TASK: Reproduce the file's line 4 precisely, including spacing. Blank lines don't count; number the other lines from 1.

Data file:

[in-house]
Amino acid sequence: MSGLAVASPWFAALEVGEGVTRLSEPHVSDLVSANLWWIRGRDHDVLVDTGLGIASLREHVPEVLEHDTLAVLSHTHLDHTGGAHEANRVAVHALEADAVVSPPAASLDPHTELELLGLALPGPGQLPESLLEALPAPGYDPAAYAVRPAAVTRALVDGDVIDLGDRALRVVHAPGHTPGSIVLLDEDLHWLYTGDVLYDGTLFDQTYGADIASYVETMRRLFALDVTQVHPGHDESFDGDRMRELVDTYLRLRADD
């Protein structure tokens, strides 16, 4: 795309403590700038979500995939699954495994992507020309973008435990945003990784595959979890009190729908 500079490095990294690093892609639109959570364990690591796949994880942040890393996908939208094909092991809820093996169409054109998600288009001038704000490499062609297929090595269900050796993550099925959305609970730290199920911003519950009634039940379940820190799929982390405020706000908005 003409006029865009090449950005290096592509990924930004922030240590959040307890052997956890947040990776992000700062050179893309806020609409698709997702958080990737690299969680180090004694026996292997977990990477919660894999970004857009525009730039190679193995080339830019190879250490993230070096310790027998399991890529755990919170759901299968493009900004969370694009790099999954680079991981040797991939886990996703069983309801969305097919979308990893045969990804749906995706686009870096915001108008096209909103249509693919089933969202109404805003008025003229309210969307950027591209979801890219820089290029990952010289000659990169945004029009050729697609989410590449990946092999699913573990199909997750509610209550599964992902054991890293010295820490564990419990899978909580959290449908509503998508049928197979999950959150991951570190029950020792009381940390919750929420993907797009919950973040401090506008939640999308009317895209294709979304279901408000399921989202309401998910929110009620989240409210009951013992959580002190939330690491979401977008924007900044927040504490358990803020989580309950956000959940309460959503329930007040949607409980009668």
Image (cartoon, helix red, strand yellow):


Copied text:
Image (cartoon, helix red, strand yellow):